California Governor Acts to Protect Solar Project From Tortoise Defenders
SACRAMENTO, California, July 22, 2011 (ENS) – California Governor Jerry Brown today filed a brief asking a federal court to deny a request by an environmental group for an injunction to stop a solar power tower project in the Mojave desert. The Western Watersheds Project wants to halt the project due to the presence of desert tortoises at the site.
The Ivanpah Solar Electric Generating System is a $2.2 billion solar thermal power project under construction in the Mojave Desert near the California-Nevada border, north of Ivanpah, California. The project has been approved by both state and federal officials.
The 370 megawatt project is being developed by BrightSource Energy and Bechtel. It will deploy 347,000 heliostat mirrors focusing solar energy on boilers located on three centralized solar power towers. The receivers will generate steam to drive specially adapted steam turbines that will generate electricity.
Heliostat mirrors on poles will focus sunlight on central towers at the Ivanpah site. (Photo courtesy Brightsource)
Governor Brown’s brief follows a lawsuit filed by the Western Watersheds Project in January 2011 against federal government agencies to block the Ivanapah solar project due to desert tortoises in the area.
Three weeks ago, a federal judge denied the environmental group’s application for a temporary restraining order against the project.
The environmental group filed its lawsuit against the Department of the Interior, the Bureau of Land Management and the U.S. Fish and Wildlife Service.
The environmental group is continuing to pursue a preliminary injunction to halt the project,in eastern California near the Nevada border. The project site consists of 5.4 square miles of high quality habitat for the threatened desert tortoise.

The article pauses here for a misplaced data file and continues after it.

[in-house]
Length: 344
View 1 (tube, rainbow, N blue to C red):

“No project can be considered clean or green when it involves destruction of habitat for a species listed under Endangered Species Act on this scale,” said Michael Connor, California director for Western Watersheds Project, which is based in Reseda, California.
“The Department of Interior is tasked with siting energy projects in an environmentally sound manner,” said Connor. “Instead it is allowing thousands of acres of important desert tortoise habitat to be bulldozed when there are alternative ways of generating power.”
Desert tortoise (Photo by Brian Wheeler)
Threatened by habitat loss, habitat degradation, disease, and predation by ravens and coyotes, the Mojave population of the desert tortoise was listed as threatened under the Endangered Species Act in 1990. Since then, populations have continued to decline.
“The environmental review for this project was rushed and inadequate – the agencies did not even determine how many desert tortoises were on the site, nor did they determine what impact blocking the north Ivanpah Valley with an industrial-scale power plant would have on connectivity with other tortoise populations,” said Connor.
The site located in relatively undisturbed Mojave Desert near Mojave National Preserve, is prime habitat for 19 other rare animal species including desert bighorn sheep, golden eagles and burrowing owls, and several rare plants in addition to desert tortoise. There are stands of barrel cactus, and centuries-old Mojave yucca.
The companies developing the site are placing the thousands of mirrors on poles sunk into the ground, to allow vegetation and tortoises to co-exist with the project.
Secretary of the Interior Ken Salazar approved the project in October 2010. The first phase of the Ivanpah facility is scheduled for completion in 2013.
The $2.2 billion power plant project has attracted $1.3 billion in federal loan guarantees and economic stimulus funds. It is expected to create up to 1,000 construction jobs and produce enough energy to power 140,000 California homes.
On April 12, Governor Brown signed a bill requiring that one-third of the state’s electricity come from renewable sources by December 31, 2020.
“California has set a bold course for its march toward reliance on renewable energy and the Ivanpah project is a very important step in this effort,” the state’s brief reads.
“California has a strong and demonstrated interest in increasing its renewable energy and decreasing greenhouse gas emissions,” argues the brief. “The Court should take these interests into account, and deny Western Watersheds’ request for a preliminary injunction on the grounds that an injunction is not in the public interest.”
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